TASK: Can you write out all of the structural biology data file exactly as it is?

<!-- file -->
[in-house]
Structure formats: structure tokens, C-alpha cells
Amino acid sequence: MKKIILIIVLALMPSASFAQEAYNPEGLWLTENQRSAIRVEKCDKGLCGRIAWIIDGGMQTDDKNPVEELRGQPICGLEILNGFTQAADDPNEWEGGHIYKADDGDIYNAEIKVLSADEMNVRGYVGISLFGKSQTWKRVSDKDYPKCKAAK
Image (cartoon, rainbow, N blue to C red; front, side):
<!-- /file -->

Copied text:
[in-house]
Structure formats: structure tokens, C-alpha cells
Amino acid sequence: MKKIILIIVLALMPSASFAQEAYNPEGLWLTENQRSAIRVEKCDKGLCGRIAWIIDGGMQTDDKNPVEELRGQPICGLEILNGFTQAADDPNEWEGGHIYKADDGDIYNAEIKVLSADEMNVRGYVGISLFGKSQTWKRVSDKDYPKCKAAK
Image (cartoon, rainbow, N blue to C red; front, side):